PRINT Summer 1990


the Return of the Same

UNTIL RECENTLY, there was no problem determining who were the subjects of history. They were the largely Caucasian males whose actions and thoughts were inscribed into a history whose very formulation as a science they defined. Discourse was a continuous loop of what the French philosopher Luce Irigaray has termed the “phallosensical hommologue” of Western civilization.

Whether this system has been altered by three decades of liberation movements was an issue tested by “Subjects of History: A Day of Discussion,” a symposium presented in March 1990 at the Columns by the New Museum of Contemporary Art in New York, “in conjunction with the exhibition Interim by Mary Kelly.” This symposium—moderated by Hal Foster and including papers and comments by Kelly, British feminist theorists and art historians Laura Mulvey, Parveen Adams, and Griselda Pollock, American literary theorist Emily Apter, and British video- and filmmaker Isaac Julien—warrants analysis, separate from the exhibition, because it both illuminated the historical context of Kelly’s work and the crisis in representation, and also because, unconsciously or unintentionally, it highlighted a theoretical/artistic movement’s transition from vilified “other” to intellectual elite.

Mulvey and Pollock vividly recalled the initial work of the London Women’s Liberation Art Workshop in the early ’70s. “The importance of women’s lives to become history, to be interpreted,” said Pollock, led to a utopian search for the origin of women’s oppression. A “history group” met for readings and discussions of texts by Engels, Freud, Levi-Strauss, and of theories on sexual difference and the Oedipus. Mulvey concurred: “Theory was exciting,” an “instrument for decipherment.” Such activities are emblematic of differences between the American and British feminist art movements at their onset, which clearly prefigured contemporary rifts within feminism. In 1971 the Feminist Art Program at CalArts held consciousness-raising sessions about our periods, our mothers, our fathers, and researched neglected women artists of the past; in London, they were reading Engels. Both groups understood that the representation of women was a political field. The American approach was, generally, empirical: the creation of new visual and textural representation. The British were discursively problematizing representation itself, and promoting “scripto-visual” subversive strategies, with the emphasis on “scripto.”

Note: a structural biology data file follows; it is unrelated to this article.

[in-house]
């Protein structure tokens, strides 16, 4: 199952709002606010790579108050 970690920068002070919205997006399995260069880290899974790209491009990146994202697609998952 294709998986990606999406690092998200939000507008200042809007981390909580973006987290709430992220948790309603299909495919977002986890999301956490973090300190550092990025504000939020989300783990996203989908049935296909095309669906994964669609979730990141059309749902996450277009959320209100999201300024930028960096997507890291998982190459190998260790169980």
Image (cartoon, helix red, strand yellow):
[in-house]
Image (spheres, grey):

Pollock spoke of the “traps of visuality,” condemning the traditional esthetic values of beauty and visual sensuality that have been dominant methods for turning women from potential subjects of history into objects of the male gaze. Adams developed these themes as they are expressed in INTERIM by positing a Lacanian equation—INTERIM is to the viewer as the analyst is to the analysand. The work refuses to offer the viewer an idealized superego (as painting would). “The artist does not have the object any more than the analyst. . . . INTERIM will not make the spectator feel lovable. . . . These are pictures which work at the limit of the image.”

However, both INTERIM and “Subjects of History”—constructed to mount a critical attack on the misuses of visual seduction—suggested, but did not satisfactorily admit to, some inherent contradictions. For example, by embedding a discourse on the aging of the female body (usually neglected or distorted in dominant representation) in a visual project that withholds any visual indication of age, the reality of age as subject was lost in a field of words. As individual pictorial elements, words have no age, and, in English at any rate, most often no gender. The symposium’s emphasis on the “traps of visuality” and the potential of language as a critical tool may have served to perpetuate the lack of focus on female aging—Kelly’s subject remained invisible.